Operant Conditioning for Everything

Operant conditioning gets a bad rap. It gets confused with classical conditioning, which gets associated with Pavlov, which makes everyone think about salivating dogs, bells, and rats getting shocked in search of cheese.

The dog and cheese stuff of classical conditioning is about creating involuntary biological responses. Hear a bell and the body produces saliva. Operant conditioning has to do with voluntary behavior and consequences more directly related to action. For example, getting a cookie when you sing a song may make you choose to sing more songs or feel positive about singing, but it doesn’t make your body involuntarily sing in the presence of cookies.

Both kinds of conditioning are scary in the hands of social experimenters. If anyone talks about turning the world into their lab and running giant programs to generate socially desirable behavior, run the other direction.

But operant conditioning is a great tool to use on yourself!

It’s really about creating and putting yourself into incentive structures where the kind of person who would be rewarded is the kind of person you’d like to be. It affects the kind of people you spend time with. If you surround yourself with friends that affirm you for sitting around not growing, you’re conditioning yourself to do more of that. If you’re around people that are more fun to share growth and challenges with, you’ll push yourself to grow more.

It means taking control of the reward systems you enter. Social media is a potent area. The things that get rewarded with likes, comments, or shares, are not always things that help you become more of who you want to be. It’s easy to chase likes while running away from a self you like. If you understand operant conditioning, it helps you see it and adjust.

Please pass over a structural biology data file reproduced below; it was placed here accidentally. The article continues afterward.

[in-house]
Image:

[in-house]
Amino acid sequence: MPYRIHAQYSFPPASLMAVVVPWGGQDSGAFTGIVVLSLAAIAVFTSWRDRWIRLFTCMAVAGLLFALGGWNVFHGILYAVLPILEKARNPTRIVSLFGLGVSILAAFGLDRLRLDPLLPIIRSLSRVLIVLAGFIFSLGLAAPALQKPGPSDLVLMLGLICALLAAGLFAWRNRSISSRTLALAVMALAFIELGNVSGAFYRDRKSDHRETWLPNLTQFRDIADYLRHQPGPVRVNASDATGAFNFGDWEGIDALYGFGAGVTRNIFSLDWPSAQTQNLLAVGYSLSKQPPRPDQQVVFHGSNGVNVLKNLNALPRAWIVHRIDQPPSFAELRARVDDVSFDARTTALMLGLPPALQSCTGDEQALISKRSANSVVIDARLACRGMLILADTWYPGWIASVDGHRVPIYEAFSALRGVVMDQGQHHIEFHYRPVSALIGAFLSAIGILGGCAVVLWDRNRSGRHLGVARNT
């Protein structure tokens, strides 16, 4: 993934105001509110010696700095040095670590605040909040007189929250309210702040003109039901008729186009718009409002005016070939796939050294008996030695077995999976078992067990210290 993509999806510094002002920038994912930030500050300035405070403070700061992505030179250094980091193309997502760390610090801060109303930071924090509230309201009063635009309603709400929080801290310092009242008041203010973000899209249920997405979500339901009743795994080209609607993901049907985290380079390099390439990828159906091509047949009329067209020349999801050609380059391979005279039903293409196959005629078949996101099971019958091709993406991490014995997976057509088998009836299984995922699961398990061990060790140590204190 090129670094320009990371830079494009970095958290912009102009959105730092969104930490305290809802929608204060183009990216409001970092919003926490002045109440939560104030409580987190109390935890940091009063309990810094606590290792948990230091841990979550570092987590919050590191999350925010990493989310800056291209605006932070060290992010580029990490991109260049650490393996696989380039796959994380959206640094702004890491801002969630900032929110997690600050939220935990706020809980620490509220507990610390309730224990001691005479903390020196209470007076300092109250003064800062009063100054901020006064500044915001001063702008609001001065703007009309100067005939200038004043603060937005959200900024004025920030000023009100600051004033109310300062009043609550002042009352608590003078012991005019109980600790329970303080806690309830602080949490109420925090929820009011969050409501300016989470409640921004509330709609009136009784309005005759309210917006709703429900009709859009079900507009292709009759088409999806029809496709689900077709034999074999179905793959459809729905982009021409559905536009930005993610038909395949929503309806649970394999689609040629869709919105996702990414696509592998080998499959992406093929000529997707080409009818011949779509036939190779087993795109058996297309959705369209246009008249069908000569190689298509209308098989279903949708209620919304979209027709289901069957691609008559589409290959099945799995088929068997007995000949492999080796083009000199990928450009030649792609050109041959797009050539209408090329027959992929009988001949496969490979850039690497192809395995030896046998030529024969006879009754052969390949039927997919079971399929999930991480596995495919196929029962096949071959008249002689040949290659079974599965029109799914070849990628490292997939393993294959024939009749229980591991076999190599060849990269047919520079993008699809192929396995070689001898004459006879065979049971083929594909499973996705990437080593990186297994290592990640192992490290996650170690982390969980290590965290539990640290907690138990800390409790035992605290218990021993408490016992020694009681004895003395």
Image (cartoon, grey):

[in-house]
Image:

Your behavior affects others too. When you see stuff on your news feed that makes your life better, you click like. When you see stuff you want less of, you ignore. This conditions other social users to behave in certain ways to get those lovely likes.

None of this is groundbreaking. It happens all the time whether we realize it or not. But conscious awareness of the process increases ability to control it. Conditioning is going to happen. Wouldn’t you rather condition yourself than be conditioned without knowing it?

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Isaac Morehouse is the founder and CEO of Praxis, an awesome startup apprenticeship program. He is dedicated to the relentless pursuit of freedom. He’s written some books, done some podcasting, and is always experimenting with self-directed living and learning. When he’s not with his wife and kids or building his company, he can be found smoking cigars, playing guitars, singing, reading, writing, getting angry watching sports teams from his home state of Michigan, or enjoying the beach.

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